July 31, 2017
Researchers conducted a retrospective cohort study and found that hospital diagnoses of dementia may not always reflect older adults’ cognitive status upon admission to a skilled-nursing facility (SNF).
Brian Downer, PhD, University of Texas Medical Branch, Galveston, TX, and coauthors looked at a national sample of Medicare fee-for-service beneficiaries in SNFs in the United States. Specifically, authors looked at beneficiaries newly admitted to a SNF within 3 days of discharge from an acute hospital between 2013-2014 (N = 1,885,015).
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ICD-9 CM codes from the Medicare Provider Analysis and Review (MedPAR) Part A file were used to identify individuals with a discharge diagnosis of dementia. Possible classifications of cognitive status upon SNF admission included “cognitively intact,” “mildly impaired,” “moderately impaired,” or “severely impaired” according to the Cognitive Function Scale using items in the Minimum Data Set 3.0.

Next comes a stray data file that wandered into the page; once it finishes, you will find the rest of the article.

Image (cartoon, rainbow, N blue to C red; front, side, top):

Researchers found that, of beneficiaries with a dementia diagnosis (n = 252, 970), 17.9% were classified as cognitively intact, 25.8% were mildly impaired, and 56.3% were moderately or severely impaired on SNF admission. Of beneficiaries without a hospital diagnosis of dementia, 65% were cognitively intact upon admission to an SNF, and 13.1% were classified as moderately or severely impaired (J Am Med Dir Assoc. 2017;18:726-728).
According to authors, these findings imply that Medicare beneficiaries who are discharged from the hospital with a diagnosis of dementia are often classified as cognitively intact or mildly impaired upon admission to an SNF. These results provide evidence that hospital classifications regarding cognition may not always reflect older adults’ cognitive status at admission to SNFs.—Amanda Del Signore